This description of THE SEAGULL's reception, is an accurate, I feel, truth of the affect that Ms Baker's plays can have - at least on my reading of them, and the imagining of their potential. Mr Nathan Heller, in an article in the New Yorker, in 2013 writes, Annie Baker has developed "a style of theatre as untheatrical as possible, while using the tools of the stage to focus audience attention." 

In THE ALIENS, KJ (Ben Wood) and Jasper (Jeremy Waters), two friends, surviving a failed band, "The Aliens", meet (illegally), in the desolate back patio of a coffee shop in Vermont, decorated with a recycling bin and trash bin. Here, smoking, and blabbing, they 'chew-the-fat', without direction, about their daily aspirations and achievements. Evan (James Bell), a naive, seventeen year old, a new employee of the coffee shop, becomes gradually acquainted with them and later, joins them to celebrate the Fourth of July, with a single sparkler, to the 'orchestra' of the distant sounds of fireworks at a 'main event' in the city. The text of the play is a deliberate drive into the banal, the mundane, with conversations of not much narrative content, but with enormous sub-textual revelation opportunities, and sprinkled with occasional lyrics from their failed songs, and even a reading of part of the novel that Jasper is trying to write in his new enterprise. At the end of the play, young Evan strums on a guitar - a gift from Jasper which Jasper had stolen years past - to, falteringly, sing a folksong, "If I Had A Hammer" - the 1949 Pete Seeger-Lee Hayes song, made famous to my generation by Peter, Paul and Mary in the 'revolting' era of the 1960's - a youthful era of idealistic hopes and aspirations. By the end of the play all this ordinariness has, just as in Chekhov's great works, revealed the extraordinariness of what it is to be alive, to be existing in the tidal pulls of aspiration and love on that journey to the inevitable, unstoppable finish, of all us humans, us aliens (alienated), to a death.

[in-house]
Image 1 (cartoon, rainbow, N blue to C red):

What Ms Baker has been honing, over the past eight years (she is only in her mid-thirties), is a style of theatre that defies the urgent need of the 'commercial success', where the product, to capture an audience, has seemed to be, should be, MUST BE: "Bigger, Brighter, Louder". She has been exploring the action of our aspirations, in the 'time' between our words, in our thought gestures, and she insists, in her craft, on the TIME for that to happen. It is what I dub 'slow theatre'. It is the cutting-edge trend of our contemporary theatre: Amy Herzog with her play, 4,000 Miles (2011), and DETROIT (2010), by Lisa D'Amour, are other illustrations of this 'movement' - I observe, all female writers. It is happening  even in our cinema: the work of Steve McQueen: HUNGER (2008), SHAME (2011), 12 YEARS A SLAVE (2013) - this 'slow cinema' is what I call, 'Moving Portraiture', the camera capturing the face, the body of the actor, for the audience to read the inner monologue of the narrative, without the support of the spoken word - or, the Turkish Director, Nuri Bilge Ceylan's films: ONCE UPON A TIME IN ANATOLIA (2011) and WINTER SLEEP (2014).